Since passage of the health care reform bill in March, there has been considerable discussion in medical periodicals, forums, and blogs about the dramatic changes that will be taking place.
At least one thing—prior authorizations—will not change, because the legislation did not address it.
Lawmakers have offered no public explanation for ignoring such a glaring problem. It should have been obvious, even to them, that requiring physicians to ask permission, over and over, for necessary tests and treatments is senseless and inefficient.
Common sense dictates fixing something so universally hated by doctors and patients alike. One can speculate that the third party in the physician-patient equation—insurers—had a lot to do with this oversight.
Insurers love prior authorization because it saves them money. In fact, it's one of the most effective cost-cutting tools in their box: rationing through inconvenience. So it's logical to speculate that they probably used their considerable input into the reform law's content, via their army of lobbyists, to discourage action.
So, prior authorization will remain a problem for the foreseeable future, and we need to deal with it as best we can.
First and foremost, minimize the wasted time prior authorizations cause you and your staff. My office took a major step toward this goal by banning all submissions by telephone.
A single prior-authorization phone call can easily take 30 minutes of staffers' time as they fight through the automated greetings and category selections, and wait on hold before finally speaking to somebody with a pulse. At that point, since the person is hardly ever authorized to give approval, they get another department's number or a faxed form. It's an inexcusable and outrageously expensive waste of time.
When a request for preauthorization comes in, we call the patient and ask that he or she make the call to the insurance company to request the form.
I have mixed feelings about passing along the automated phone-hoop hassle to patients, but it is their insurance, after all, and this is one area where I simply can't afford the luxury of providing a time-consuming service for free. Plus, it gives patients some understanding of the absurdity of the whole prior-authorization game.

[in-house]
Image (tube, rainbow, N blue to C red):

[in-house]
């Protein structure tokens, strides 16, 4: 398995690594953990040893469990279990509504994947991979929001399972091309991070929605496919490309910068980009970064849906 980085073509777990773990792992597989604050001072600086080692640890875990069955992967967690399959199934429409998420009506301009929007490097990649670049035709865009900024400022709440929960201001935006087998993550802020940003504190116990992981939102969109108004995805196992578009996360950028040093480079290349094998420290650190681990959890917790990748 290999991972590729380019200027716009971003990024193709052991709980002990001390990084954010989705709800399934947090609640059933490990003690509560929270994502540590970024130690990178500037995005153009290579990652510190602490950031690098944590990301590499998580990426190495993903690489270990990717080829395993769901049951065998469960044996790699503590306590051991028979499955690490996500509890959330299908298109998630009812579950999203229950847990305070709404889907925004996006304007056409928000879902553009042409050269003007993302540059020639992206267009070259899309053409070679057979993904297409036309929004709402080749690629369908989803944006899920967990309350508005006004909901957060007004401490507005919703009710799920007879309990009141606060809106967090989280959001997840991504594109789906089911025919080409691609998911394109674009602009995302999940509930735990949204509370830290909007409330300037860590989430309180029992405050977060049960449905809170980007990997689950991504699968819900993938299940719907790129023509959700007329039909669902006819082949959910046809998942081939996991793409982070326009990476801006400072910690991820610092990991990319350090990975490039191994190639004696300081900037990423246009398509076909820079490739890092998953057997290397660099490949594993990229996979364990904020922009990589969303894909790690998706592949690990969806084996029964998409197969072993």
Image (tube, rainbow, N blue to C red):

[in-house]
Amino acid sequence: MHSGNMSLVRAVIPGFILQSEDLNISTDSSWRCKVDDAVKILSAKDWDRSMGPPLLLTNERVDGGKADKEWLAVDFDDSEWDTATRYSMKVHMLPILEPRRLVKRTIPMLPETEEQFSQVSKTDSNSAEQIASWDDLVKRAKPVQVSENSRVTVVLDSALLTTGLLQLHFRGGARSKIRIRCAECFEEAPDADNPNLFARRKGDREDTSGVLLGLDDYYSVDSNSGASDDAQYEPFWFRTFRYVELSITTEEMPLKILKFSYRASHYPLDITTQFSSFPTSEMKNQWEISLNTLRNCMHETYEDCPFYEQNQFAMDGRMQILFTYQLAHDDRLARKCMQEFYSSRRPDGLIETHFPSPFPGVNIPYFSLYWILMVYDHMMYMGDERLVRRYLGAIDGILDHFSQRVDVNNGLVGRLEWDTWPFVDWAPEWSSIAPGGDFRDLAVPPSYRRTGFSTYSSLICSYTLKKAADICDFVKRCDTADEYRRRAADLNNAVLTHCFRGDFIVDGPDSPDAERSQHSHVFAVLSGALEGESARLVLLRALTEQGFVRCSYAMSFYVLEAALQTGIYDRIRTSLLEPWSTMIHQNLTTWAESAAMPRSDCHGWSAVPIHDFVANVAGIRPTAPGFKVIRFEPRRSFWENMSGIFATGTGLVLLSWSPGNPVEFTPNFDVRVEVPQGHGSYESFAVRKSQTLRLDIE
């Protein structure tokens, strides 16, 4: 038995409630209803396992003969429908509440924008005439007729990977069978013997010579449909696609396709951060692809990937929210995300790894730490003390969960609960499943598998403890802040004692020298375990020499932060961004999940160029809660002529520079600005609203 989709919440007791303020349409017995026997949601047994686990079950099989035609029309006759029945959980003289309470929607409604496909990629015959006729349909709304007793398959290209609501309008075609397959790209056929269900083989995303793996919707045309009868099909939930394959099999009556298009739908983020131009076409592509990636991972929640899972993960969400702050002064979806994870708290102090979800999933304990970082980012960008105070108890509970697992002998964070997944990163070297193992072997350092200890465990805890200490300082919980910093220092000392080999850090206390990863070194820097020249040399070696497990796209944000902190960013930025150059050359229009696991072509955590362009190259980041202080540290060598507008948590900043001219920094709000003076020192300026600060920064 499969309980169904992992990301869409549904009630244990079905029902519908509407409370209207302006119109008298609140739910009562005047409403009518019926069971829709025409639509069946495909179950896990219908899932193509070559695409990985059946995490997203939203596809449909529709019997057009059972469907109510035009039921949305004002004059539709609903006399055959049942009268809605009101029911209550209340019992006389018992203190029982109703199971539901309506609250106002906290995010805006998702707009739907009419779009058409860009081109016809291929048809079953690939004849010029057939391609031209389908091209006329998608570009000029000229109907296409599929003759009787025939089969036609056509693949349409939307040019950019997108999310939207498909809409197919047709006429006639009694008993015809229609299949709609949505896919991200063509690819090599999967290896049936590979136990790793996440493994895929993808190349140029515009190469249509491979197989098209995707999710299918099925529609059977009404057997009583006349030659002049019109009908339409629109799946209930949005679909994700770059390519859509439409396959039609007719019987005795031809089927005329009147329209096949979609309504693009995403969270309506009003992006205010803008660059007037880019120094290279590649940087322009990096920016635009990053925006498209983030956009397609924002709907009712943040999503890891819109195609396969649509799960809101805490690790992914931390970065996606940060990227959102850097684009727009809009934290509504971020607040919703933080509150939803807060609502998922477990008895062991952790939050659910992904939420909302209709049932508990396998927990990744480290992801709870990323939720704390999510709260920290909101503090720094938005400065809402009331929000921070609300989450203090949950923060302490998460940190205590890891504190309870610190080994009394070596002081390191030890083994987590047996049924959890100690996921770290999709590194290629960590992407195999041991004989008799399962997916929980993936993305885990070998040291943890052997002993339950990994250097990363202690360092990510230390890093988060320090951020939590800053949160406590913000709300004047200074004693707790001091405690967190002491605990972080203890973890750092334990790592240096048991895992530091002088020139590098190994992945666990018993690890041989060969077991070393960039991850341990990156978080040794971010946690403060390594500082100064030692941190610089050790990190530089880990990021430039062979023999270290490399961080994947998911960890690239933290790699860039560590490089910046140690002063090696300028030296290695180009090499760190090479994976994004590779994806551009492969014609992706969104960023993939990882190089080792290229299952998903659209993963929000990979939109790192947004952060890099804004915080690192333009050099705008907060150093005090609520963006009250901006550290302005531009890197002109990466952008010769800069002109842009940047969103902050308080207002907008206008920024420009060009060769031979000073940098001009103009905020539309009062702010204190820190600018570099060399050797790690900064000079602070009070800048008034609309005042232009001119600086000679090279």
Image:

When possible, we enlist the help of any other parties at our disposal. Some insurers will accept prior-authorization requests from pharmacies, which makes a lot of sense. They typically have a complete record of all medications tried and failed, as well as the necessary diagnosis codes.
Unfortunately, many insurers inexplicably insist that only the physician's office submit the request, but it's worth your time to ask if the company in question accepts pharmacy filings, rather than assuming it doesn't.
Also, don't forget that manufacturers of some medications (biologics, for example) will help with some, or all, of the prior-authorization burden. Sometimes they have an auxiliary company set up just for that purpose.
If not, a representative or district manager may be able to help or point you toward someone who can. It never hurts to ask.
Also, most pharmaceutical companies have a “compassion” program that provides medications free when the insurer will not pay and the patient can't afford it.
Other potential allies are the big-box chains that offer selected medications at $4 (or less) per prescription. Sometimes, the most efficient solution is to point the patient toward Walmart, Costco, Target, or another chain in your area, and forget the preauthorization altogether.
The key is to get the insurance company's form. Not only do you avoid the phone runaround, but the form tells exactly what that particular company wants, so your staff won't waste time finding and supplying information that is not needed.
What about patients who request prior authorization for medically unnecessary medications?
In my office, that's usually a retinoid prescription for wrinkles. I tell them it's against the law to say a treatment is necessary when it is not, and that there is zero chance their insurer will pay. (As a diplomatic friend of mine puts it, “Your insurance company barely cares if you are dying, let alone how you look!”) I tell them I will not be able to go to bat for older patients with recalcitrant acne who really need retinoids, if I try to slip cosmetic prescriptions past insurers. Most understand.